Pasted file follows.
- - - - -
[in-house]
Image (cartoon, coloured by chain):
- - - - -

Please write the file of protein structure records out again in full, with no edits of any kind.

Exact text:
[in-house]
Image (cartoon, coloured by chain):